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Trump Installs Lawyer Who Worked for Rep. Nunes and Don McGahn in Key NSC Role

President Donald Trump has continued to shuffle the deck at the National Security Council (NSC), where he installed a White House ally as senior director for intelligence.

Attorney Michael Ellis started his new job on Monday and his immediate superior is White House lawyer John Eisenberg, according to Politico. The development was described as latest instance of the Trump administration putting loyalists in key roles. Ellis will be privy to extremely sensitive information.

Indeed, the reassignment of the brothers Vindman now seems a distant memory, but Lt. Col. Alexander Vindman’s testimony about Ellis and Eisenberg is worth singling out here. Per Politico:

Ellis also featured in the Ukraine scandal, according to testimony heard by the House Intelligence Committee during the impeachment investigation.

Lt. Col. Alexander Vindman, a decorated Army officer who served as the National Security Council’s director for Ukraine, told lawmakers in October that Ellis and Eisenberg were the ones who decided to move the record of Trump’s phone call with Ukrainian president Volodymyr Zelensky into the NSC’s top-secret codeword system—a server normally used to store highly classified material that only a small group of officials can access.

In short: a person involved in limiting access to President Trump’s July 25 call with Volodymyr Zelensky was promoted. This is the call that sparked a whistleblower complaint and got the dominoes toppling toward impeachment. The people who testified about that call were reassigned.

What else do we know about Ellis? The White House included Ellis’s résumé when announcing his addition to the White House Counsel’s Office, when Don McGahn was running the show as of March 7, 2017:

Michael Ellis serves as Special Assistant to the President, Senior Associate Counsel to the President, and Deputy National Security Council Legal Advisor. Most recently, Mr. Ellis served as General Counsel of the U.S. House of Representatives Permanent Select Committee on Intelligence. Prior to joining the U.S. House of Representatives, Mr. Ellis was a Law Clerk to Judge Jeffrey Sutton of the Sixth Circuit Court of Appeals and to Judge Amul Thapar of the United States District Court for the Eastern District of Kentucky. Earlier in his career, Mr. Ellis served as an Associate Director in the White House Office of Strategic Initiatives. Mr. Ellis is also an intelligence officer in the United States Navy Reserve. Mr. Ellis earned his bachelor’s degree from Dartmouth College and his J.D. from Yale Law School.

Some things to point out about this: 1) Ellis has intelligence experience; 2) he has experience working for Trump; 3) he was General Counsel for the House Intelligence Committee when it was chaired by Rep. Devin Nunes (R-Calif.).

On that last point, the New York Times once identified Ellis as one of two White House officials who provided Nunes with “the intelligence reports that showed that President Trump and his associates were incidentally swept up in foreign surveillance by American spy agencies.” That was reported on March 30, 2017. Notably, these Nunes sources were described as “whistleblowers”:

Since disclosing the existence of the intelligence reports, Mr. Nunes has refused to identify his sources, saying he needed to protect them so others would feel safe going to the committee with sensitive information. In his public comments, he has described his sources as whistle-blowers trying to expose wrongdoing at great risk to themselves.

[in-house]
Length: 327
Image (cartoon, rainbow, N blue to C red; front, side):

That does not appear to be the case. Several current American officials identified the White House officials as Ezra Cohen-Watnick, the senior director for intelligence at the National Security Council, and Michael Ellis, a lawyer who works on national security issues at the White House Counsel’s Office and was previously counsel to Mr. Nunes’s committee. Though neither has been accused of breaking any laws, they do appear to have sought to use intelligence to advance the political goals of the Trump administration.

Then-House Speaker Paul Ryan (R-Wisc.) repeated the “whistleblower” description during an interview.

“[Nunes] had told me that like a whistle blower-type person had given him some information that was new that spoke to the last administration and part of this investigation,” Ryan said.

During his time at Dartmouth, Ellis was the editor-in-chief of The Dartmouth Review. After graduating, he actually appeared on Jeopardy! as a contestant. Several years ago, Ellis spoke about that experience during an interview with the publication he used to run. He also discussed how he came to advance Republican causes.

Ellis said that when he was a college freshman, he volunteered for the George W. BushDick Cheney campaign, ascended pretty quickly and ended up getting a job in the Bush White House after he graduated.

“My experience working on the Bush campaign in ’04 led to a position at the White House right after my graduation from Dartmouth. From March 2006 to February 2007, I worked in the Office of Strategic Initiatives, an office that actually no longer exists,” he said. “Obama shut it down once he took office, perhaps because he thought it was closely associated with Karl Rove. While I was working at the White House, I was involved in polling. It wasn’t the best year of President Bush’s administration, and especially since I was tracking public opinion, it was certainly a very humbling experience. But nonetheless, it was a great opportunity, especially for someone straight out of college, and I’m thankful that I was able to serve.”

[Image via NICHOLAS KAMM/AFP/Getty Images]

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Matt Naham is managing editor of Law&Crime. He formerly worked as news editor and weekend editor at Rare.